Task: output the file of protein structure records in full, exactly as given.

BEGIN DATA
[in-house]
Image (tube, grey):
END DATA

[in-house]
Image (tube, grey):